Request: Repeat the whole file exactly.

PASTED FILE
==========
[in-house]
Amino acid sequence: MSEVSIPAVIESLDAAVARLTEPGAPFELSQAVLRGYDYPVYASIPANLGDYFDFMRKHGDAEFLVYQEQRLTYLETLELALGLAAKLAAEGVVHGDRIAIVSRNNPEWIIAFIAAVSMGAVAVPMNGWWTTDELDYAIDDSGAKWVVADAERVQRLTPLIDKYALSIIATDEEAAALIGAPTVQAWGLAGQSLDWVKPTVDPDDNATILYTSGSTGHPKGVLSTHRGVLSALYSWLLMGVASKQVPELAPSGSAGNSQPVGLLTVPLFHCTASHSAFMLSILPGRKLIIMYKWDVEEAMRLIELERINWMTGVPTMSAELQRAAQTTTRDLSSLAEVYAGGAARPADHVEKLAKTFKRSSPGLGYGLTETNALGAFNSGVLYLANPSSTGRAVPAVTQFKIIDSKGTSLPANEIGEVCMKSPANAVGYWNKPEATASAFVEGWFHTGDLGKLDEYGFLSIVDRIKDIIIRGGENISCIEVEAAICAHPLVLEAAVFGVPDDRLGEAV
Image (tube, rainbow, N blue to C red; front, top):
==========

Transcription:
[in-house]
Amino acid sequence: MSEVSIPAVIESLDAAVARLTEPGAPFELSQAVLRGYDYPVYASIPANLGDYFDFMRKHGDAEFLVYQEQRLTYLETLELALGLAAKLAAEGVVHGDRIAIVSRNNPEWIIAFIAAVSMGAVAVPMNGWWTTDELDYAIDDSGAKWVVADAERVQRLTPLIDKYALSIIATDEEAAALIGAPTVQAWGLAGQSLDWVKPTVDPDDNATILYTSGSTGHPKGVLSTHRGVLSALYSWLLMGVASKQVPELAPSGSAGNSQPVGLLTVPLFHCTASHSAFMLSILPGRKLIIMYKWDVEEAMRLIELERINWMTGVPTMSAELQRAAQTTTRDLSSLAEVYAGGAARPADHVEKLAKTFKRSSPGLGYGLTETNALGAFNSGVLYLANPSSTGRAVPAVTQFKIIDSKGTSLPANEIGEVCMKSPANAVGYWNKPEATASAFVEGWFHTGDLGKLDEYGFLSIVDRIKDIIIRGGENISCIEVEAAICAHPLVLEAAVFGVPDDRLGEAV
Image (tube, rainbow, N blue to C red; front, top):